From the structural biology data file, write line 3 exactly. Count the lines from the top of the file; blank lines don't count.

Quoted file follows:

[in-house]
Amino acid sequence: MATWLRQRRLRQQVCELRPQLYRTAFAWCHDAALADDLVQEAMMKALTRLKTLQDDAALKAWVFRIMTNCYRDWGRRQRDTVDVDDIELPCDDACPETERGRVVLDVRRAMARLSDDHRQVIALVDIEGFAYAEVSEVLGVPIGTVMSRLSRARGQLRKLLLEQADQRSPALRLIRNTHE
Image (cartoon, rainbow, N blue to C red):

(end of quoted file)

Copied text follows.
Image (cartoon, rainbow, N blue to C red):